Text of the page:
And Keen offers many other reasons why we should be concerned about a world of over-sharing and “hypervisibility.” The problem is that Keen drowns out these valid concerns by assaulting the reader with layers of over-the-top pessimistic prognostications and apocalyptic rhetoric. In particular, again and again and again in the book he comes back to George Orwell and his dystopian novel, 1984. Keen insists that some sort of Orwellian catastrophe is set to befall humanity because of social media over-sharing. (See this other Forbes column on Keen’s book, “Why 1984 Is Upon Us,” to see just how far this theme can be pushed). Continue reading →

The folks at the Concurring Opinions blog were kind enough to invite me to participate in a 2-day symposium they are holding about Brett Frischmann’s new book, Infrastructure: The Social Value of Shared Resources. In my review, I noted that it’s an important book that offers a comprehensive and highly accessible survey of the key issues and concepts, and outlines much of the relevant literature in the field of infrastructure policy.  Frischmann’s book deserves a spot on your shelf whether you are just beginning your investigation of these issues or if you have covered them your entire life. Importantly, readers of this blog will also be interested in the separate chapters Frischmann devotes to communications policy and Net neutrality regulation, as well as his chapter on intellectual property issues.

However, my review focused on a different matter: the book’s almost complete absence of “public choice” insights and Frischmann’s general disregard for thorny “supply-side” questions.  Frischmann is so focused on making the “demand-side” case for better appreciating how open infrastructures “generate spillovers that benefit society as a whole” and facilitate various “downstream productive activities,” that he short-changes the supply-side considerations regarding how infrastructure gets funded and managed. I argue that: Continue reading →

On numerous occasions here at the TLF over the past eight years, I’ve noted the profound influence that the late Ithiel de Sola Pool had on my thinking about the interaction of technology, information, and public policy. In fact, when I needed to pick a thematic title for my weekly Forbes column, it only took me a second to think of the perfect one: “Technologies of Freedom.” I borrowed that from the title of Pool’s 1983 masterpiece, Technologies of Freedom: On Free Speech in an Electronic Age. As I noted in my short Amazon.com review, Pool’s technological tour de force is simply breathtaking in its polemical power and predictive capabilities. Reading this book three decades after it was published, one comes to believe that Pool must have possessed a crystal ball or had a Nostradamus-like ability to foresee the future.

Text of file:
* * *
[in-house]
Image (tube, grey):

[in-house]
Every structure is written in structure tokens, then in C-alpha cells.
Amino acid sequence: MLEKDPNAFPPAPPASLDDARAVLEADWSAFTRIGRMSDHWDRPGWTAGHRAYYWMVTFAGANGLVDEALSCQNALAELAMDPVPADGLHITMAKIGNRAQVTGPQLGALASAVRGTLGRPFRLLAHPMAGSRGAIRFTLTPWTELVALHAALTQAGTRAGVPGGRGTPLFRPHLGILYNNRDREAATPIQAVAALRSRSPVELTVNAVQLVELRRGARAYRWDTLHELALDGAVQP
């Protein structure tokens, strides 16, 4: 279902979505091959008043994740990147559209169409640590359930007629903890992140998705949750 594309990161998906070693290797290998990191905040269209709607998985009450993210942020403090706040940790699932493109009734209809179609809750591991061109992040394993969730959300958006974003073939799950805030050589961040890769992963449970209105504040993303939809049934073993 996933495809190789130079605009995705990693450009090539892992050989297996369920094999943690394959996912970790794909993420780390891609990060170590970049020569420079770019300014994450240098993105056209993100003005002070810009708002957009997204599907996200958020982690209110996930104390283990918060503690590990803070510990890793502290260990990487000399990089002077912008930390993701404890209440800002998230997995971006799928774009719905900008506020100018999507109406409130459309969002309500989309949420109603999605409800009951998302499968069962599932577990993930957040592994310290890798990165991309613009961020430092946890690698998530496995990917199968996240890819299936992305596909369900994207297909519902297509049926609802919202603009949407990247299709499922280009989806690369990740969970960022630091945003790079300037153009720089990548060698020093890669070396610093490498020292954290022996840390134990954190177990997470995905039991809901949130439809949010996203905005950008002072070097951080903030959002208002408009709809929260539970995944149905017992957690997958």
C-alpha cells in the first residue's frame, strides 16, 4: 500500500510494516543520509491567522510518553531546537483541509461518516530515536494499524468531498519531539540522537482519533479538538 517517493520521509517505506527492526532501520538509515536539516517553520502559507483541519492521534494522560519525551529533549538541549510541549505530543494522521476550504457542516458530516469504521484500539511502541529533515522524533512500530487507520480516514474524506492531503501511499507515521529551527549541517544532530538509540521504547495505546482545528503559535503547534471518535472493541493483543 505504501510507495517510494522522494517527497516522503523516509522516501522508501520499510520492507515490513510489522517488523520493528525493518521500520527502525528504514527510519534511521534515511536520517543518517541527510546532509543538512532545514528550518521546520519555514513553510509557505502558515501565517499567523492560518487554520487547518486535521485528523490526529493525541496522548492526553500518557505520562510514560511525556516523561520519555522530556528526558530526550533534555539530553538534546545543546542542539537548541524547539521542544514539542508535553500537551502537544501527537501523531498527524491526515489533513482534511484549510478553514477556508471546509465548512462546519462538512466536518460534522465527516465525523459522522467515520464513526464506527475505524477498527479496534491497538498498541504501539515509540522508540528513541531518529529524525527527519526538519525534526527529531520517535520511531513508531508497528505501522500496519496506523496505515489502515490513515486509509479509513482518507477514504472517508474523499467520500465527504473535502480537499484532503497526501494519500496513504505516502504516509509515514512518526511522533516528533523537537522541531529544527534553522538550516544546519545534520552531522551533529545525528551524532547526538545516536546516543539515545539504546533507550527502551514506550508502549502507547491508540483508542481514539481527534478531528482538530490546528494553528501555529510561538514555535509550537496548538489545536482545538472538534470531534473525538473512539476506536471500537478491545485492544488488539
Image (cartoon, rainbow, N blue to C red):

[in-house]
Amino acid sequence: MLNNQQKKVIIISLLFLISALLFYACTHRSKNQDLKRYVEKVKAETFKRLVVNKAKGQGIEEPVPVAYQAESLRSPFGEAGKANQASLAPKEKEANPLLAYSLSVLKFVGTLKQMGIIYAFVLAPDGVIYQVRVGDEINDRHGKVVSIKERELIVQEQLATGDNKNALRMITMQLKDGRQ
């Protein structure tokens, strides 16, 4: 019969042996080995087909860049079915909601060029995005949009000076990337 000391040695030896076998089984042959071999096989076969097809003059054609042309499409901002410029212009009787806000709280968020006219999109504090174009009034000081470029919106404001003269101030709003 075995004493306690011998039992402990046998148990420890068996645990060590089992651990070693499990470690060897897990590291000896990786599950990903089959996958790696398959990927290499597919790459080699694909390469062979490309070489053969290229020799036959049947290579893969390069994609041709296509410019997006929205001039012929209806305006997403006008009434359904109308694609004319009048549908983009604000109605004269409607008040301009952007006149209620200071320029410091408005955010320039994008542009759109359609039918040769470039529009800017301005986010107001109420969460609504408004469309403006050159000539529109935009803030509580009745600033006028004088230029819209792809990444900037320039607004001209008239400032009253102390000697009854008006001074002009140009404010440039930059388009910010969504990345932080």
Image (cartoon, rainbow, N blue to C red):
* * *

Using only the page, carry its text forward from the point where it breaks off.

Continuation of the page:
I felt that same was this week when I was re-reading some chapters from his posthumous book, Technologies without Boundaries: On Telecommunications in a Global Age–a collection of his remaining essays nicely edited and tied together by Eli Noam after Pool’s death in 1984. Re-reading it again reminded me of Pool’s remarkable predictive powers. In particular, the closing chapter on “Technology and Culture” includes some of Pool’s thoughts on the future of copyright. As you read through that passage below, please try to remember he wrote these words back in the early 1980s, long before most people had even heard of the Internet and when home personal computing was only just beginning to take off. Yet, from what he already knew about networked computers and digital methods of transmitting information, Pool was able to paint a prescient portrait of the future copyright wars that we now find ourselves in the midst of. Here’s what he had to say almost 30 years ago about how things would play out: Continue reading →

Rebecca MacKinnon’s new book, Consent of the Networked: The Worldwide Struggle for Internet Freedom, is well-researched exploration of the forces driving Internet developments and policy across the globe today. She serves up an outstanding history of recent global protest movements and social revolutions and explores the role that Internet technologies and digital networks played in those efforts. She also surveys some of the recent policy fights here and abroad over issues such as online privacy, Net neutrality regulation, free speech matters, and the copyright wars. The Consent of the Networked is certainly worth reading and will go down as one of the most important Internet policy books of 2012.

A Call to Action

Of course, it’s not just a history lesson. MacKinnon has also issued a call-to-arms here. As a well-known web activist, MacKinnon has emerged as a leading force in the broad-based, if loosely-defined, “Net freedom” movement. The term “Net freedom,” she notes, means very different things to different people. It’s “like a Rorschach inkblot test: different people look at the same ink splotch and see very different things.” (p. 188)  Nonetheless, on the global stage, the Internet freedom movement is fundamentally tied up with efforts to hold both governments and corporate actors more accountable for their actions toward the Netizens, digital networks, and online speech and expression. Continue reading →